myocarditis

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my·o·car·di·tis

 (mī′ō-kär-dī′tĭs)
n.
Inflammation of the myocardium.
American Heritage® Dictionary of the English Language, Fifth Edition. Copyright © 2016 by Houghton Mifflin Harcourt Publishing Company. Published by Houghton Mifflin Harcourt Publishing Company. All rights reserved.

myocarditis

(ˌmaɪəʊkɑːˈdaɪtɪs)
n
(Pathology) inflammation of the heart muscle
Collins English Dictionary – Complete and Unabridged, 12th Edition 2014 © HarperCollins Publishers 1991, 1994, 1998, 2000, 2003, 2006, 2007, 2009, 2011, 2014

my•o•car•di•tis

(ˌmaɪ oʊ kɑrˈdaɪ tɪs)

n.
inflammation of the myocardium.
[1865–70]
Random House Kernerman Webster's College Dictionary, © 2010 K Dictionaries Ltd. Copyright 2005, 1997, 1991 by Random House, Inc. All rights reserved.

myocarditis

an inflamed condition of the muscular walls of the heart.
See also: Heart
-Ologies & -Isms. Copyright 2008 The Gale Group, Inc. All rights reserved.

myocarditis

Inflammation of the myocardium (main heart muscle) that can weaken the heart, impairing its function.
Dictionary of Unfamiliar Words by Diagram Group Copyright © 2008 by Diagram Visual Information Limited
ThesaurusAntonymsRelated WordsSynonymsLegend:
Noun1.myocarditis - inflammation of the myocardium (the muscular tissue of the heart)
carditis - inflammation of the heart
Based on WordNet 3.0, Farlex clipart collection. © 2003-2012 Princeton University, Farlex Inc.
Translations
myokarditida

my·o·car·di·tis

n. miocarditis, infl. del miocardio.
English-Spanish Medical Dictionary © Farlex 2012

myocarditis

n miocarditis f
English-Spanish/Spanish-English Medical Dictionary Copyright © 2006 by The McGraw-Hill Companies, Inc. All rights reserved.
References in periodicals archive ?
These viruses, especially group B coxsackieviruses (CV-B), are considered to be a common cause of acute myocarditis in children and young adults.
In April a coroner said Amy suffered from acute myocarditis - an infection of the heart, which had caused a cardiac arrest.
Though more dramatic in its presentation, if managed aggressively with early mechanical support using extracorporeal membrane oxygenator (ECMO), fulminant myocarditis patients may have full recovery and less risk of developing DCM.15 Acute myocarditis follows a less distinct onset, initially with less severe compromise, but may lead to worse outcome than fulminant myocarditis, with the development of DCM.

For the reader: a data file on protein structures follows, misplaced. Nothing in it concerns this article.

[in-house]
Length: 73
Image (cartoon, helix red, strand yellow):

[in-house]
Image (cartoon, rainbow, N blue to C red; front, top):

Acute myocarditis (AMC) is a serious disorder, whereby the clinical course and presentation are highly variable [1, 2].
In this regard, cardiac MRI has been particularly valuable and has also improved diagnostic accuracy substantially for such uncommon conditions as coronary embolization and acute myocarditis (2).
Its application has been extended to several other areas, such as for patients with postoperative cardiogenic shock or cardiogenic shock related to acute myocardical infarction, acute myocarditis, and severe, reversible cardiomyopathy.
Acute myocarditis is characterized by rapid development of life-threatening congestive heart failure and arrhythmias.
Tragic Susan was admitted to the hospital 17 days after giving birth but she died three days later from acute myocarditis.
We describe an elusive case of a young male with recurrent episodes of acute myocarditis presenting with chest pain and elevated troponin T.
In a series of 50 children admitted with cardiac failure over a nine-month period, at the Mayo Hospital Lahore, acute myocarditis was the commonest (n=24; 48 Percent), while DCM was far behind (n=7; 14 Percent).3 In a retrospective analysis of 100 cases (mean age 54 years) of congestive cardiac failure at the Khyber Teaching Hospital, Peshawar, over an eight-month period, cardiomyopathy was reported in 11 (11 Percent) cases.4 In an echocardiographic series of 6620 cases of congestive cardiac failure over a 5-year period at the Punjab Institute of Cardiology, Lahore, out of 2335 cases of acquired heart disease, myocardial disease (myocarditis or DCM) was present in 572 (24 Percent) cases.5
In addition, enteroviruses are well documented as a cause of acute myocarditis, with viruses in the species Human enterovirus B, particularly CBVs, being the most common etiologic agents (2).
There was also a late gadolinium enhancement of the subepicardial lateral wall (Figure 3), thus confirming the diagnosis of acute myocarditis. There was good correlation between DE-MDCT and delayed-enhanced MRI images (DE-MRI).

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